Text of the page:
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Licensing music for films and TV shows can be tricky. Here's a rundown on tips to consider when looking into music licensing.

The Secret to Licensing Music for TV Shows & Films

A lot of work goes on behind-the-scenes when making the TV shows and movies we know and love. From finalizing the script and the cast to the set design, production crews work day-in and day-out to check all of the boxes needed to create and distribute the final product. 

And with an abundance of streaming platforms available, it’s more convenient now than ever before to access this type of media anytime. Literally at the touch of a button. 

This ease of accessibility makes it easy for us, as viewers, to underestimate just how complex the production process really is. We may even overlook things like music licensing altogether.   

When this happens, it’s important to remember that the music we hear in the foreground or background wasn’t selected at random. An entire team of people vied for the right to use each song — negotiating with copyright owners for several weeks, if not months, to do so. 

All that time and a pretty penny later, and this music becomes part of a soundtrack that the audience remembers and recognizes long after the final credits roll. 

If you’re curious about the inner workings of music licensing for TV and film — and why production teams choose the songs they do — this post will cover that and more. 

Music licensing is, well, complicated. 

Introducing the right song at the right time on-screen can leave a lasting impression on viewers. It’s a powerful storytelling tool that strengthens the mood in a major way.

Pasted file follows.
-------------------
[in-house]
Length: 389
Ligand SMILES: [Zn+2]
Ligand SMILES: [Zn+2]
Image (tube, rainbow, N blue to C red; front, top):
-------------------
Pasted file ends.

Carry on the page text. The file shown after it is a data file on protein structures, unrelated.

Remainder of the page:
When it comes time to build a TV show or film’s soundtrack, production teams have three main options: hire a composer to produce original music, license the music elsewhere, or do both. 

For the purposes of this post, let’s focus on the second option. 

As convenient as it would be, music licensing isn’t ever as simple as a “hello” and a handshake between a producer and a music artist. These sorts of deals aren’t taken lightly, and there’s a good reason for that. 

Most music is copyrighted, which is to say that it’s owned by composers and publishers who reserve the right to license (or not license) a song to someone else. 

So if a song is used without permission, the copyright owners don’t have to sit by the wayside and watch. They can take legal action. 

Suffice it to say, the old saying “Ask forgiveness, not permission” doesn’t apply to music licensing. At least not without accepting a hefty fine and possibly even jail time.

But the question remains: What steps do production teams take to license copyrighted music for TV shows and films?

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#1. Contact (and negotiate with) every copyright owner

Let’s say you want to license a specific song for the pilot episode of a TV show. 

The first order of business is to get in touch with every person or group that has copyright ownership over the song. 

For context, music has two types of copyright owners: those who own the song itself and those who own the sound recording. 

Depending on the circumstances, you might get off easy and only have to negotiate with two or three people. Then again, it could be double or triple that amount.